Afghan Resistance Groups Eye Spring Offensive

But internal divisions and the Taliban get a vote, too.

ODonnell-Lynne-foreign-policy-columnist
ODonnell-Lynne-foreign-policy-columnist
Lynne O’Donnell
By , a columnist at Foreign Policy and an Australian journalist and author.
Afghan resistance forces take a rest as they patrol on a hilltop.
Afghan resistance forces take a rest as they patrol on a hilltop.
Afghan resistance movement and anti-Taliban uprising forces take a rest as they patrol on a hilltop in Panjshir province, Afghanistan, on Sept. 1, 2021. AHMAD SAHEL ARMAN/AFP via Getty Images

Armed resistance against the Taliban is picking up momentum across Afghanistan, with militias run by former political and military leaders of the collapsed republic recruiting and arming fighters, notably from the ranks of the former republic’s U.S.-trained security forces. Some are trying to drum up international support for forcible regime change, according to sources among the groups, who have eyes on a spring offensive.

But the lack of unity among leaders of the armed opposition groups, who regard each other more as rivals than comrades, could mean they are unlikely for now to make much progress in their shared ambition to overthrow the Taliban, a movement that has been galvanized by the extremists’ repression of women, girls, and ethnic groups.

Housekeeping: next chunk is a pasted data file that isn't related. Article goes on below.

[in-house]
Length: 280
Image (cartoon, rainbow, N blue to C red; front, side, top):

“The Taliban have proven they cannot govern, cannot address their own differences, and cannot address the concerns of neighboring countries, so there is an awareness of new geopolitical dynamics and realities,” said Mirwais Naab, a former deputy foreign minister working with the National Resistance Front, the most prominent of the opposition groups.

Armed resistance against the Taliban is picking up momentum across Afghanistan, with militias run by former political and military leaders of the collapsed republic recruiting and arming fighters, notably from the ranks of the former republic’s U.S.-trained security forces. Some are trying to drum up international support for forcible regime change, according to sources among the groups, who have eyes on a spring offensive.

But the lack of unity among leaders of the armed opposition groups, who regard each other more as rivals than comrades, could mean they are unlikely for now to make much progress in their shared ambition to overthrow the Taliban, a movement that has been galvanized by the extremists’ repression of women, girls, and ethnic groups.

“The Taliban have proven they cannot govern, cannot address their own differences, and cannot address the concerns of neighboring countries, so there is an awareness of new geopolitical dynamics and realities,” said Mirwais Naab, a former deputy foreign minister working with the National Resistance Front, the most prominent of the opposition groups.

While the Taliban’s repression, which has included house-to-house killings and kidnappings for ransom, has spurred the resistance into open opposition, there are two big obstacles. Foreign aid is not forthcoming, and internal divisions are only growing, undermining the resistance’s capability to confront the Taliban head-on.

“Disparate local insurgencies do not represent a strategic threat to the Taliban’s emirate, even if they could weaken it,” said a source who advised the former government on military strategy. “The Taliban can deploy forces against resistance groups and eradicate them one or more at a time. They are sending thousands of fighters to regions they believe are vulnerable, but that then spreads them thin in places they are coming under pressure.”